16 May 2015

A night at the Paris Opera ~ The Magic Flute

Last Thursday evening, we went to the Opera. Not at the elegant Opera House mind you.

The Palais Garnier, setting for Gaston Leroux's 1910 novel The Phantom of the Opera, was doing ballet, so we were off to the Place de la Bastille, and that's another story.

Our opera was being staged at Opéra Bastille, a slightly different looking structure to be sure, as you see from the photo below. The theatre seats 2700 and every seat, unlike Palais Garnier, offers an unrestricted view of the stage. Since 1989 Opéra Bastille has become the primary place for opera in Paris.

The opera was La Flûte enchantée, or The Magic Flute by Wolfgang Amadeus Mozart. The work premiered on 30 September 1791. On that evening Mozart conducted the orchestra. Here, 224 years later, it was Constantin Trinks.

The Magic Flute is a strange story of magic, death, courage, love, and enlightenment, with a fair bit of Freemason lore thrown in for good measure (Mozart was a Mason, along with his key collaborators in this work). Vocal ranges for two of the singers have posed challenges for many singers. Both arias of the Queen of the Night require a rare high F6, and the part of Sarastro includes a notable F2 in a couple of places. This means nothing to me except to signal extreme difficulty, and when I heard it performed I realised why. The Queen of the Night was performed by the Canadian soprano from Halifax, Jane Archibald, and her performance was stunning.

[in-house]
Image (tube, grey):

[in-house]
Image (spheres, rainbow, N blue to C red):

Indeed the whole thing was amazing. The music was brilliant and the staging of the work was impressive. Video, fire and water were all used effectively to create a wonderful evening. In fact, it was quite magical. Set and costumes were incredible, with the use of a combination of traditional and contemporary images, including a car remote door opener and backpacks. Fantastic! The performance started at 7:30 and ended at 10:40 with an 18 minute curtain call.

We ventured into the night to sit at a cafe overlooking Place de la Bastille, a wonderful way to end a great evening at the Opera. Spellbinding!

Some photos from Opéra Bastille website and others by Jim Murray. Copyright 2015.

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